iHub geeks launch search for ‘intelligent’ traffic lights
Posted Wednesday, June 27 2012 at 19:49
- The iHub team wants to use motion sensors and upgrade these tools to tell the state of adjacent or opposite roads after the roundabout.
Elly Okutoyi lives in Parklands and works on Ngong Road in Nairobi. His major headache while going to work is the traffic jam. “Sometimes I feel like alighting and walking,” he says.
Mr Okutoyi represents thousands of Nairobi residents who detest the peak hours in the mornings and evenings but are unable to find a solution.
Because of the work schedules that force people to head to one direction during these hours, traffic jams are a permanent feature on the city roads.
Many tools have been tested but have come a cropper. One of the developments that has shown signs of success are the overpasses and underpasses on Thika Road, which is being upgraded to eight lanes in the drive to reduce traffic jams.
Other proposals floated include traffic cameras that stream on the Internet live pictures on designated junctions. However, the madness continues.
Geeks sitting by one of the roads notorious for the snail-speed traffic have been peeping through their windows and they do not like what they see.
iHub, one of the homes of technology specialists in Nairobi, has been busy for the last six months seeking to change the way traffic lights are used. They want to upgrade the lights to an intelligent system.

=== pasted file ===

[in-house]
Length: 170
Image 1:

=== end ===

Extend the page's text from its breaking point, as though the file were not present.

Pre-programmed lights at the roundabouts or junctions are one of the major problems, the team of researchers assembling the contraption says.
The iHub team wants to use motion sensors and upgrade these tools to tell the state of adjacent or opposite roads after the roundabout.
The iHub team lights will only allow cars moving into the direction with less traffic while those moving into gridlocks will be held longer. It will also help the motorists to take alternative lanes in time.
The police will not be required to manage the flow but will be expected to enforce discipline by ensuring none overlaps or changes lanes at will.
“We started hacking (developing) the system last Saturday, but the preparation has been ongoing for the last six months,” said Jesicca Colaco, iHub research lab manager and lead researcher.
The traffic “saviour” will be ready for testing on Ngong Road in the next three months.
The project financed by Ushahidi — a software developer — is a collaboration between iHub and the Fablab, based at the University of Nairobi.